In Malayalam, “Drishyam” means “Visual” or “What is seen” – in this context, each movie is a “drishyam”. The director carefully chooses to show you what he wants you to see. He strings up the images in a certain fashion so that the narrative is built in your mind (remember the famous “Odessa steps” sequence?). In the process, he is like a magician, cheating your senses to create the visual he wants you to see – and you are willing to be fooled. The art of the movie, creating the illusion of movement by the juxtaposition of static images, is itself a form of cheating.
In “Drishyam”, the protagonist Georgekutty does a similar sleight-of-hand to create a fictitious alibi for his family, to save them from being indicted for a murder which they had to do. Being up against the system and very powerful people, he has no hope of any mercy from any quarter: he has only his sharp wits and the street knowledge he has picked up from watching movies (he is a cable TV operator) to pit against the powerful police force and the antagonism of one particular policeman. It is to the credit of the director and scriptwriter that Georgekutty succeeds in fooling us also till the very end of the movie. (I will stop my explanation here. Any more would be telling. See the movie!)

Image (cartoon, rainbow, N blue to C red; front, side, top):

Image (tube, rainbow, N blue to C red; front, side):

The movie works on many levels. First of all, it is an out-and-out thriller, without any of the trappings of traditional thrillers: there are no gunfights, no fistfights (“dishoom – dishoom”) and no hair-raising chases. Even though the theme is loaded with possibilities, there are no sex scenes (apart from a bit of loaded dialogue): a very adult theme has been handled with restraint. Suspense is built up gradually through intelligently cut scenes, rather than jump cuts and jarring music. The craft is near-perfect for an Indian film – my only complaint is that the film is a bit overlong, about twenty minutes could have been reduced by shortening the length of some scenes and reducing the initial “family” scenes.
Moving a little bit further in, it is the fight of David against Goliath that has really entranced the people. Police in India are not seen as trustworthy by a large part of the populace. They bend to (have to!) political pressure and corporate muscle: they are constrained by resources: and quite a few of them are corrupt (like the villain of the piece, Constable Sahadevan). Knowing this fully well, and knowing that they stand very little chance against the police behemoth, Georgekutty fights back with the only thing that is available to him: an astute brain. No wonder we root for him all the way.
If we dig down even deeper, ultimately we find the glorification of the family unit. Georgekutty tells his family: “As long as I am here, none of you will go to jail.” In a country where most government institutions are seen as failures, this is the assurance that keeps all of us going – our family will be there for us, whatever happens. Ultimately, I feel this is the reason behind the thundering success of the movie.